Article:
Posted by Alia Haddad on November 30, -0001 at 12:00 am
John Krokidas’s Kill Your Darlings was at the top of everyone’s must-see lists at this year’s Sundance Film Festival. So, as a devoted list-reader, see it I did! And what did I think about this based-on-true-events story of a murder that tears apart the young, soon-to-be Beat poet group of Allen Ginsberg, Jack Kerouac, William Burroughs, and Lucien Carr? Well, I left the movie with a similar feeling after I left the Prohibition-era movie, Lawless: it was good but not great.
The main issue I thought that plagued the movie was its script. It was a little disappointing, with events and character development moving a little too quickly (what, the Sofia Coppola way of story development is right for me). While Kill Your Darlings did boast very strong performances by each of the main, and supporting, actors, I just did not feel all that connected to the characters. Or, rather, I was just generally unconvinced that each of the characters felt this deep connection to one another.
But unsatisfying script aside, Kill Your Darlings had two very real things working in its favor: its great performances, like I said, and its captivating plot. I mean, not matter how quickly the story actually moved, it does not change the fact that we are dealing with the Beat poets! After being introduced to them as a child by my father, I fancied myself one of them, and now I get to see how this group formed and subsequently splintered? Throw in a murder and you have more than guaranteed my attendance. Surely this story has more than just me interested.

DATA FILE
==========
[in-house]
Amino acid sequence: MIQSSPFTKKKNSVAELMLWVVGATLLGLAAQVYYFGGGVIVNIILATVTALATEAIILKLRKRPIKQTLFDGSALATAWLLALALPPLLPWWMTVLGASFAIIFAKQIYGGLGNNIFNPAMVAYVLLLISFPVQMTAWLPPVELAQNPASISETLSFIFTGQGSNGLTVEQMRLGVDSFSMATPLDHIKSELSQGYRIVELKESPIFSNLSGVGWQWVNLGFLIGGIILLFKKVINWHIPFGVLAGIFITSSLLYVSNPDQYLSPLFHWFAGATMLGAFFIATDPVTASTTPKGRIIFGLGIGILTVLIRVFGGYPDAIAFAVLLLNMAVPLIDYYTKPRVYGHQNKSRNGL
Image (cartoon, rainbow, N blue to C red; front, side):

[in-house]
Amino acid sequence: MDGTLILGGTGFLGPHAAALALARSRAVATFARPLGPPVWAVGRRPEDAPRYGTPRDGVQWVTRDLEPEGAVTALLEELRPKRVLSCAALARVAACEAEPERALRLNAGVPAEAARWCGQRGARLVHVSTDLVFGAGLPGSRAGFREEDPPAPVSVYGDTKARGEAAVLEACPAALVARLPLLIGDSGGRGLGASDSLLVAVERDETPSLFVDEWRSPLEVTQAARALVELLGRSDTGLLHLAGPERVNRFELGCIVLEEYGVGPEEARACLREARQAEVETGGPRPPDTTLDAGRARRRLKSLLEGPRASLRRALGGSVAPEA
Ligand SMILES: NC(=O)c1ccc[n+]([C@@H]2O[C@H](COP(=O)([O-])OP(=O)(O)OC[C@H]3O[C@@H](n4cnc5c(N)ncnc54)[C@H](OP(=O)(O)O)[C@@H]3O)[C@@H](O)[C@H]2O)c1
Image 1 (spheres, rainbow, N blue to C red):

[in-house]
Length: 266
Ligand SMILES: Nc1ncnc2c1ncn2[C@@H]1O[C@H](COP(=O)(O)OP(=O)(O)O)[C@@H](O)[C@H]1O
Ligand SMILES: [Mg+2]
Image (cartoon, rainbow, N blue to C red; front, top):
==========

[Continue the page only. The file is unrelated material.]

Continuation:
And if that plot isn’t for you (what, did you miss junior year English class?!), then surely the cast will be. With Daniel Radcliffe, Dane DeHaan, Ben Foster, Michael C. Hall, Elizabeth Olsen, Jennifer Jason Leigh, David Cross, and Kyra Sedgwick this movie really does have something–or rather, someone– for everyone. And while the soundtrack was a little too pop/mainstream for me (yes, we all know who the Kings of Leon are), at least it tried its hand at anachronisms (a la my favorite Coppola when she tries her hand at period films), and for that risk I am grateful.
While Kill Your Darlings definitely did have its faults, I was happy I saw it. I said it once, and I’ll say it again: Kill Your Darlings was good, but not great. Luckily, though, you will be able to judge for yourself since, quite naturally, Kill Your Darlings had no problems getting picked up, and just a mere 12 hours ago was acquired by Sony Pictures.
SEE IT (if only to see Ben Foster continue to be amazing at everything he attempts).